Throughout the years we’ve reviewed dozens of smartphones and got hands on with plenty others. The good news is that as smartphones have matured, they've become so good in terms of hardware and design that it’s getting harder to pick something you will truly regret... or if you’re the glass half empty kinda person, they’ve become so good that picking the one that’s right for you can be a challenging task.

You've read the reviews and have formed your own opinions on the devices you've owned and currently own, but with our vast access to devices, TechSpot's guide to the best smartphones is meant to highlight the stuff that matters, what we've bought ourselves, making it easier for you to buy the best possible device given a certain price point.

Best Overall

Apple iPhone X

A contentious call considering the strong divide between iOS and Android phones, but right now the best overall smartphone you can get is from Apple. Android fans can skip ahead to the next section for the best Android phone right now, however if you are one of many users that prefer iOS, your choices are limited among current-gen offerings: it’s either the iPhone 8 and 8 Plus, or the iPhone X.

An additional key consideration: Apple will be updating their line-up of smartphones around the September-October timeframe, potentially in just a few weeks. If you are happy to wait, you will be better off seeing what Apple’s next-gen phones have in store. With that said, we expect Apple's next flagship to be an evolution of the current iPhone X, and if you don't mind the expense, it is the best phone you can get.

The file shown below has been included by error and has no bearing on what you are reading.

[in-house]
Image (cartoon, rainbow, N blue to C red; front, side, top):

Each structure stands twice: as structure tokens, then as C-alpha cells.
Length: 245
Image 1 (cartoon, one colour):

When you first see and hold the iPhone X, it’s hard to go back to the surfboard designs of past iPhones with their enormous bezels. The expansive display on the iPhone X is beautiful despite the annoying notch, and it provides extra screen real estate in a similar form factor to the smaller iPhone 8. The iPhone X is a joy to hold and operate as a result.

The iPhone X is powered by the extremely fast and efficient A11 SoC and comes with a great set of rear cameras. Face ID, which provides quick facial recognition and authentication in place of Touch ID, allows you to unlock your device without tapping on a sensor. In a majority of conditions, Face ID works well, though a sizable portion of long-time Apple customers often complain about missing the simplicity of Touch ID and are hoping an improvement on this front for the X's successor.

The sensors used for Face ID also allow the iPhone X to produce Portrait Mode (simulated background blur) photos using the front camera, and to create surprisingly fun Animoji. On top of this hardware addition, the iPhone X supports wireless charging for the first time.

The iPhone X is expensive, starting at a whopping $999 for 64GB of internal storage (and no expansion). If you want to purchase the best iPhone on the market, be prepared to pay for it.

Best Android Phone

Samsung Galaxy S9+

The Galaxy S9+ is undoubtedly a very good phone with minor improvements that have led to a better smartphone than the Galaxy S8+, which was one of our favorite phones last year. Over the past year we've gone back and forth, recommending either the latest Galaxy S or the Pixel 2 as the best Android phones. But with Google set to launch newer Pixel smartphones in just a few months, we think you’re better off buying a newer phone like the Samsung Galaxy S9+ if you want the best Android phone on the market right now.

While reasonably expensive with a retail price over $800, the Galaxy S9+ has pretty much the best hardware combination you can get. As well as having a fantastic display, the Snapdragon 845 model delivers class-leading performance and great battery life, with excellent cellular radio support, fast storage, and excellent cameras with support for 1,000 FPS slow motion video capture.